With the outbreak of COVID-19 sparking unprecedented action from government and public officials, many couples have been forced to cancel their weddings this spring. These couples find themselves in this in-between, unknown limbo. They are disappointed, confused, angry and above all, sad. And while some people will say ‘it’s just a wedding’ please know that these emotions are all so valid.
Your friends who have postponed their wedding have spent hours planning, prepping and dreaming up this day that has now been postponed. There is a hope and expectation that has now been deferred to a postponed date, and that is a hard thing to process, especially since we have no idea how long it will last.
So, how can you help comfort your friends during this time of uncertainty?
First things first, understand that you can’t fix it, and that’s okay. If they have had to postpone their wedding your friends are thinking about vendor contracts, deposits, travel plans, guest logistics and so many other details – they are processing a lot of emotions and legalities that may not feel like it is going to be ‘okay’. Rather than saying, ‘it’s going to be okay’ try saying, ‘I’m sorry this is happening. I wish it was different, and I’m here for you’. As friends, we can quickly jump into fix-it mode and try to do everything we can to make it right. Sit with your friends in their process and let them feel everything. If you don’t know what to say, that’s okay! Listen, then ask how they are and be okay with the answer, “I don’t know.”
The good news? There are some things you can do! Here are five great ways to help your friends through this time of uncertainty:
1. Say it with snail-mail: Don’t underestimate the power of a handwritten card – there is nothing better than opening your mailbox to find a thoughtful note from someone you love.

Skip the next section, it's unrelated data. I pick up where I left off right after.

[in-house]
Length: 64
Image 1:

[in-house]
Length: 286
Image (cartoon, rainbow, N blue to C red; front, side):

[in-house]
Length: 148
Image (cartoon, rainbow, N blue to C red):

2. FaceTime or call your friends: In this time of social distancing, a FaceTime or phone call can uplift anyone’s mood. Carve out some time to sit, distraction free, and call your friends who have postponed their wedding. Invest time to listen and be there for them. Let them know you’re available to talk when and if they need a listening ear.
3. Do not give your opinions or advice unless the couple is seeking it: On top of all of the changing details your friends are thinking about, the last thing they need is a flood of opinions and advice filling their text message and voicemail inboxes. Keep the conversation about the couple! I’m sorry if this is blunt, but it’s just not about you.
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4. Pitch in where you can: Help the couple out by taking the stress out of everyday life. Support local restaurants by UberEats-ing their favourite tacos to their door for dinner. Drop off a care package of their favourite wine, cheese and charcuteries for date night. Do what you can to take care of the day to day so they can focus on their wedding situation.
5. Strength in numbers: Plan a virtual, group hangout to help take their minds off of the situation. Grab a drink and chat with your friends about literally anything other than COVID-19 and weddings.